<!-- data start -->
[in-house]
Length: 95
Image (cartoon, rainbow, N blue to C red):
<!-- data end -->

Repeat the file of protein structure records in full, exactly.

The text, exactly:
[in-house]
Length: 95
Image (cartoon, rainbow, N blue to C red):